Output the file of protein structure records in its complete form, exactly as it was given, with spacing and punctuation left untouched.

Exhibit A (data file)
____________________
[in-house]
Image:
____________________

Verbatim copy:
[in-house]
Image: